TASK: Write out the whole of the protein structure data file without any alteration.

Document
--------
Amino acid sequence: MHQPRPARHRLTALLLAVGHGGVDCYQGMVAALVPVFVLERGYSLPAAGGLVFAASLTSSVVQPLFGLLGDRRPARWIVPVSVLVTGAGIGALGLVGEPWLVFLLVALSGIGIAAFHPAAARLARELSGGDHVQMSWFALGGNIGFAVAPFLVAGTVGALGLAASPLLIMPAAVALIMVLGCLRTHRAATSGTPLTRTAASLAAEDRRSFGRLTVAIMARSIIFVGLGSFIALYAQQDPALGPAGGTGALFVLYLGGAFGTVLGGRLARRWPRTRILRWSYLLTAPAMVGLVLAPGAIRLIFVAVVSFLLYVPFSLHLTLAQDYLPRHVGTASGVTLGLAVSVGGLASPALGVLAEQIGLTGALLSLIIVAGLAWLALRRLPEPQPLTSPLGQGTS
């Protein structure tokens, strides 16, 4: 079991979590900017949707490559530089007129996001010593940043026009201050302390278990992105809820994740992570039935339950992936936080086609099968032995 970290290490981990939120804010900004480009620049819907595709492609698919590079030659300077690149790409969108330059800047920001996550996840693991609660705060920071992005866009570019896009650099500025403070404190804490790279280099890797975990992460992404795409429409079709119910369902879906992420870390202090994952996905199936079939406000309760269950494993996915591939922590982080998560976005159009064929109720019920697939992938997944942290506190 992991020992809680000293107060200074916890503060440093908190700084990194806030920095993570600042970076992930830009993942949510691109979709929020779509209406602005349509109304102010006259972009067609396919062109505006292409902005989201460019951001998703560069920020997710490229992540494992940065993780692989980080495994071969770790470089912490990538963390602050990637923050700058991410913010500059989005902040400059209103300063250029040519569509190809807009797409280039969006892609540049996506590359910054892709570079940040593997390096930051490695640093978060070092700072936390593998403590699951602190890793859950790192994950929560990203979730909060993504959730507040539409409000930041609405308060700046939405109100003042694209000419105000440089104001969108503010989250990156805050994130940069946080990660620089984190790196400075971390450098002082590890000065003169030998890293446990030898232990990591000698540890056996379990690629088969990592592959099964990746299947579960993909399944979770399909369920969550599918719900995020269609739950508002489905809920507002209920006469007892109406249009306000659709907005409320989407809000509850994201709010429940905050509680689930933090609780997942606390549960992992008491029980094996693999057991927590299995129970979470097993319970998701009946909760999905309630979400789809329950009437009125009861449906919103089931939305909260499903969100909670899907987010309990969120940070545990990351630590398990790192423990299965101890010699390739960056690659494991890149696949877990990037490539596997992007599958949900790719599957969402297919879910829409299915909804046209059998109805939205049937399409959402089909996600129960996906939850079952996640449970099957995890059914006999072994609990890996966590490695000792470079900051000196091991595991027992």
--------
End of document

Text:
Amino acid sequence: MHQPRPARHRLTALLLAVGHGGVDCYQGMVAALVPVFVLERGYSLPAAGGLVFAASLTSSVVQPLFGLLGDRRPARWIVPVSVLVTGAGIGALGLVGEPWLVFLLVALSGIGIAAFHPAAARLARELSGGDHVQMSWFALGGNIGFAVAPFLVAGTVGALGLAASPLLIMPAAVALIMVLGCLRTHRAATSGTPLTRTAASLAAEDRRSFGRLTVAIMARSIIFVGLGSFIALYAQQDPALGPAGGTGALFVLYLGGAFGTVLGGRLARRWPRTRILRWSYLLTAPAMVGLVLAPGAIRLIFVAVVSFLLYVPFSLHLTLAQDYLPRHVGTASGVTLGLAVSVGGLASPALGVLAEQIGLTGALLSLIIVAGLAWLALRRLPEPQPLTSPLGQGTS
């Protein structure tokens, strides 16, 4: 079991979590900017949707490559530089007129996001010593940043026009201050302390278990992105809820994740992570039935339950992936936080086609099968032995 970290290490981990939120804010900004480009620049819907595709492609698919590079030659300077690149790409969108330059800047920001996550996840693991609660705060920071992005866009570019896009650099500025403070404190804490790279280099890797975990992460992404795409429409079709119910369902879906992420870390202090994952996905199936079939406000309760269950494993996915591939922590982080998560976005159009064929109720019920697939992938997944942290506190 992991020992809680000293107060200074916890503060440093908190700084990194806030920095993570600042970076992930830009993942949510691109979709929020779509209406602005349509109304102010006259972009067609396919062109505006292409902005989201460019951001998703560069920020997710490229992540494992940065993780692989980080495994071969770790470089912490990538963390602050990637923050700058991410913010500059989005902040400059209103300063250029040519569509190809807009797409280039969006892609540049996506590359910054892709570079940040593997390096930051490695640093978060070092700072936390593998403590699951602190890793859950790192994950929560990203979730909060993504959730507040539409409000930041609405308060700046939405109100003042694209000419105000440089104001969108503010989250990156805050994130940069946080990660620089984190790196400075971390450098002082590890000065003169030998890293446990030898232990990591000698540890056996379990690629088969990592592959099964990746299947579960993909399944979770399909369920969550599918719900995020269609739950508002489905809920507002209920006469007892109406249009306000659709907005409320989407809000509850994201709010429940905050509680689930933090609780997942606390549960992992008491029980094996693999057991927590299995129970979470097993319970998701009946909760999905309630979400789809329950009437009125009861449906919103089931939305909260499903969100909670899907987010309990969120940070545990990351630590398990790192423990299965101890010699390739960056690659494991890149696949877990990037490539596997992007599958949900790719599957969402297919879910829409299915909804046209059998109805939205049937399409959402089909996600129960996906939850079952996640449970099957995890059914006999072994609990890996966590490695000792470079900051000196091991595991027992």